Beyond Zynga (and Twitter): Social Gaming With Purpose

Don’t get me wrong, I’m a huge fan of game mechanics and social games – in fact one of the companies I’ve chaired (Creative Enclave) launched the first truly massively multiplayer social game on the Facebook platform in 2007. Back then, Zynga consisted of no more than a handful of staff. Back then people didn’t take social games that seriously.

Today, however, it is a totally different story. Social games are BIG business. Take a look at some of the stats emerging from the S-1 Zynga filed as it catapults towards an IPO: 38,000 virtual items are created within their game portfolio a second. Yep, you read that right – a second!

Zynga has 60 million DAUs (daily active users) and here’s the kicker for me: they conduct 2 billion minutes of play a day!!!

What is that telling you?

Some relatively privileged folks have a ton of idle time?

Play is really pivotal to the human psychi?

But are we at the point in our development as a species and as custodians for our planet where we can afford that much ‘down time’?

We still have people starving by their millions, we still have diseases that could be cured or prevented. Surely, we owe it to ourselves to focus on solving these issues before we embark on such wholesale frittering away of our time?

Yes and no.

YES, playing games like Farmville doesn’t progress humanity.

But also NO: I am not advocating that we do away with play altogether. Far from it. As I said at the outset, I am a huge fan of play.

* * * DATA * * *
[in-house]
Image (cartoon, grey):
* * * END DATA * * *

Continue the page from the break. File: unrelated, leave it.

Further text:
What I am in favor of is social gaming with a purpose.

What if, in the course of having fun within a game, a user wasn’t only growing their capabilities as a mafia boss or trainmaster, but they were also (or instead) using their brains to help solve seemingly intractable disease puzzles?

Social gaming should help people come together to improve the world we live in. If we are playing games, let’s ensure they have a higher purpose. Let’s ensure they enable us to make greater insights into our pyschi, improving our understanding of our emotions, of our bodies and ultimately moving us to the point where we are not bounded by disease and scarce resources.

Aligned with this insight I want to draw your attention to the move by some of the Twitter co-founders back into The Obvious Corporation. I’ve written a fair amount about Obvious and product factories, but what is really interesting (especially in the context of this post) is the mission statement of the new Obvious: